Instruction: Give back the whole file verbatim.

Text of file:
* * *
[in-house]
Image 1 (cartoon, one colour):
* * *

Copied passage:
[in-house]
Image 1 (cartoon, one colour):